Highway across the Serengeti? Cruise lines' tipping policies.
Published in the November 2011 issue, page 2. This article is viewable for non-subscribers.
Welcome to the 429th issue of your monthly overseas travel magazine.
In editing Lew Toulmin’s article for this month’s “The Cruising World” column, I found a statement that contradicted one I made in my September ’11 column. He wrote, “… no new giant megaships are on the horizon.” I had claimed that four more would be launched by 2015.
I am changing my definition of what a “mega cruise ship” is and am throwing my hat in with Lew’s. To be considered a megaship, the main criterion is it’s too big to traverse the Panama Canal (the original canal, that is; a new set of larger locks is under construction alongside the original and scheduled to become operational in 2014-2015). Also, a megaship would carry something like 5,000 or more passengers, not a “mere” 4,100 or more at maximum capacity.
I also was way off in stating, “… excluding river cruisers and expedition ships, there are 45 cruise ships sailing the seas and oceans.” I thank Maureen Patrick of Margate, Florida, for bringing that error to my attention. We’re still researching what the total number is, but, depending on the definition of a seagoing cruise ship, it’s at least a hundred more than what I claimed. A huge industry!
Previously, plans were announced to build a two-lane road across part of Serengeti National Park in Tanzania (June ’11, pg. 69), then the government said that, instead, an alternate route south of the park would be used for the trade highway (Aug. ’11, pg. 2).
Well, in a speech to residents of the Mara region on Sept. 18, Tanzanian Prime Minister Mizengo Pinda said, “We will tarmac the road up to the gates on both sides (of the park).” He assured the rural communities near the park that the development of the road, named Makutano Juu-Mto wa Mbu, would encourage investment in the area. He also claimed that the construction will not damage the park.
It’s a good bet that one undeveloped section of a paved highway would eventually get paved.
Apparently, Global mining firms are interested in investing in the area between Lake Victoria and the Serengeti only if it can be linked by highway with the rest of the country. Pinda urged leaders in the Mara area to look at economic opportunities other than mining, perhaps finding investment to improve the Musoma airport, construct more tourist lodges or develop the livestock sector.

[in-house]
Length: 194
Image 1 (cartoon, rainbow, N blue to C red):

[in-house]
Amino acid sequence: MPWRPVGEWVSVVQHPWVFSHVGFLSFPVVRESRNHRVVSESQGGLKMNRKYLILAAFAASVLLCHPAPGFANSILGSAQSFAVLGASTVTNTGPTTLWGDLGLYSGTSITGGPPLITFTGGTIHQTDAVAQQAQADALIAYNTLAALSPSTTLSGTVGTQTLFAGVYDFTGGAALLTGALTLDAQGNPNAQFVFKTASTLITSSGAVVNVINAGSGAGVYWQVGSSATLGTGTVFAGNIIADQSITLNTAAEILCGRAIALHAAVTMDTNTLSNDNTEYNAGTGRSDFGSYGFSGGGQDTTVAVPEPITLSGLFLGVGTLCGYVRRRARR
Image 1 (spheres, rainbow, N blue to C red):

Also in September, the East African Court of Justice ruled that it would hear a case of a Kenya-based conservationist group that filed an injunction against construction of the road through the Serengeti. The Tanzanian government had challenged the case as being out of the court’s jurisdiction because countries have a sovereign right to develop infrastructure.
The court ruled that the case would not impinge on the right of Tanzania to develop infrastructure but only would determine if this particular construction project was appropriate for a park that shares a border with Kenya and is governed under a joint treaty.
Homeland Security Secretary Janet Napolitano told Congress on Sept. 13 that, at some point, the US Transportation Security Administration will no longer require passengers to remove their shoes at security checkpoints in airports, but she left the date unspecified. Nevertheless, rumors spread that the policy had changed. It has not.
The goal is to have shoe-scanning machines installed in airports by 2015, but no decision has been made about even which type of machine to use.
She did say that in the next few months, a change would be made in the screening procedures for children. Those age 12 and under will no longer have to remove their shoes and will be screened in ways other than the “pat-down.” It may involve marching them through metal detectors multiple times or swabbing their hands for explosives.
Also, in a pilot program scheduled to begin at year’s end at selected US airports, the few members of the “known traveler” program (frequent flyers who have provided personal information to the federal government and met the qualifications) will be allowed to keep their shoes on and their laptops in their carry-ons. They still will have to go through the metal detectors and have their bags x-rayed.
Seeing that Crystal Cruises is going “all inclusive” as of spring 2012 — meaning that alcohol on board its two ships will be complimentary and that passengers will prepay gratuities to housekeeping, dining and bar staff — I asked ITN staff to research the tipping policies of most major cruise lines.
This was done in August, and, as it turned out, when the cruise lines were loosely grouped into four categories, the tipping policies within each were, in most cases, similar.
• The first category, with various types and sizes of seagoing ships, is luxury cruise lines, including Azamara Club Cruises, Compagnie du Ponant, Crystal Cruises, Hapag-Lloyd Cruises, Oceania Cruises, Paul Gauguin, Peter Deilmann Cruises, Regent Seven Seas Cruises, Seabourn Cruise Line, SeaDream Yacht Club, Silverseas Cruises and Windstar Cruises.
Most of these lines have “no tipping, fully inclusive in price” policies. (The fare they advertise includes gratuities.) These lines allow you to give personal tips but remind you that it’s not necessary. With most, no gratuity is expected in the bars.